The Slovenia Times

Police Union Rejects Deal with Govt, Sticks to Referendum


Zoran Petrovič of the Trade Union of Police Officers said in Celje that both the unions tried hard to strike a deal but that they must show responsibility and follow the demands of the people they represent. He added that many members had threatened to leave the union if the deal was signed.

Since the deal was not signed yesterday, the collecting of signatures for the referendum on the omnibus act on the balancing of public finances was officially launched on Thursday. But Labour Minister Andrej Vizjak, chief government negotiator, said the cabinet was still ready to talk if the other side was also willing.

The government is ready to look for an agreement until the end, however, Vizjak noted in his response for the STA that the time was short as the referendum initiative would need to be withdrawn by the end of May for the act to step into force on 1 June.

According to Petrovič, the unions are not trying to manipulate anyone, as they are only using a democratic tool for their legitimate goals in a legal way.

Members of the two police trade unions have been on work-to-rule strike since 18 April because they refuse to accept pay cuts which in the meantime have been agreed by the other public sector unions and included in the omnibus bill.

One of the possible further steps is a referendum and another is stepping up the strike, said Petrovič, however, he added that he hopes a solution can be found that will appease the members of the two unions and that he would not start actively collecting signatures as of yet.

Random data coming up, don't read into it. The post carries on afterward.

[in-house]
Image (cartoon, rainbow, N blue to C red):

On the margins of his meeting with European Council President Herman Van Rompuy in Ljubljana today, Prime Minister Janez Janša responded to the news stressing that the omnibus austerity act was too big to fail.

Because he sees broad public support for austerity measures, which he deems as balanced and as fair as possible, Janša believes the omnibus act will enter into force eventually, so the government needs no back-up plan.

Times when Slovenia thought that nothing needs to be done and that the crisis can easily be weathered are over, the prime minister noted, adding that the change in perspective is where he sees the biggest progress recently.

Education, Science, Culture and Sport Minister Žiga Turk meanwhile also told the STA that he hoped the unions would withdraw the referendum initiative, but that he was confident that the people would understand the necessity of cost-cutting and the efforts that had been put into negotiations if the referendum was to take place.

However, if a referendum is actually called, Slovenia will lose another three or four months, sinking and not working on the future and development, Turk warned.

The trade unions of other uniformed professions have spotted their opportunity in the moves of the police unions, demanding from the government to reopen talks separately on their working conditions, as they believe they cannot be left behind if police officers strike a special deal.

As they already announced they would join the police in collecting signatures for a referendum, head of the public sector union confederation Branimir Štrukelj noted that public sector trade unions bar the police unions have agreed not to take part systematically in calling a referendum on the austerity measures.

However, this does not mean union members cannot contribute their signatures if they feel like it, Štrukelj stressed.


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